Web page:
Mia Johnson

Mia Johnson

Mentor

Jacqueline Hobbs, M.D., Ph.D.

College

College of Medicine

Major

Biochemistry

Minor

Spanish

Organizations

N/A

Academic Awards

N/A

Volunteering

N/A

Research Interests

Psychiatry

Hobbies and Interests

Reading, running, traveling

Research Project

Evaluating the Risk of Psychiatric Illness Following COVID-19 Infection

Currently, there are no known definitive causes of psychiatric disorders, but rather various risk factors; these determinants can be induced by nature, nurture, or an amalgamation of both. Understudied potential contributors to psychiatric illness are viral infections. Viruses can interfere with neurodevelopmental processes, thus increasing vulnerability to abnormal functioning. The prevalence of neurological symptoms in COVID-19 patients, in addition to growing evidence that the disease can, directly and indirectly, affect neurons and neuroglia, supports that COVID-19 can have lasting consequences on the structure and function of the brain, thus enhancing susceptibility to psychiatric illness. This project is a systematic review that seeks to determine plausible mechanisms that COVID-19 infection can contribute to psychiatric disorders, which disorders are more probable, and the likeliness of long-term psychiatric consequences. It will also aim to identify COVID-19-specific risk factors and vulnerable groups. Throughout the project, research will be centralized to susceptible populations, which can be classified by sex, race, age, family history, health conditions (e.g., pregnancy, previous mental illness, past viral infections), etc. The objective is an all-inclusive understanding of the connection between COVID-19 infection and mental illness.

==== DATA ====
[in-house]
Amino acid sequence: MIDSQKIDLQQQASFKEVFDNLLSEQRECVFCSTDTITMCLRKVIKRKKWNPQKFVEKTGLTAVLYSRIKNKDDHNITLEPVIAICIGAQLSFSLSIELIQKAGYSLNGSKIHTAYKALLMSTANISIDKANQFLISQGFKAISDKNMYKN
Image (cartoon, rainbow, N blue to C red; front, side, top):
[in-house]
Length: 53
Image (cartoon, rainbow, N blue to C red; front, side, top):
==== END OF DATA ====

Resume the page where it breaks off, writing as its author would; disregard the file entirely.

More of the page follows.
• Jacqueline Hobbs, M.D., Ph.D.
  • Biochemistry
  • Spanish
  • Psychiatry
  • N/A
  • N/A
  • N/A
  • Reading, running, traveling
  • Evaluating the Risk of Psychiatric Illness Following COVID-19 Infection
  • Currently, there are no known definitive causes of psychiatric disorders, but rather various risk factors; these determinants can be induced by nature, nurture, or an amalgamation of both. Understudied potential contributors to psychiatric illness are viral infections. Viruses can interfere with neurodevelopmental processes, thus increasing vulnerability to abnormal functioning. The prevalence of neurological symptoms in COVID-19 patients, in addition to growing evidence that the disease can, directly and indirectly, affect neurons and neuroglia, supports that COVID-19 can have lasting consequences on the structure and function of the brain, thus enhancing susceptibility to psychiatric illness. This project is a systematic review that seeks to determine plausible mechanisms that COVID-19 infection can contribute to psychiatric disorders, which disorders are more probable, and the likeliness of long-term psychiatric consequences. It will also aim to identify COVID-19-specific risk factors and vulnerable groups. Throughout the project, research will be centralized to susceptible populations, which can be classified by sex, race, age, family history, health conditions (e.g., pregnancy, previous mental illness, past viral infections), etc. The objective is an all-inclusive understanding of the connection between COVID-19 infection and mental illness.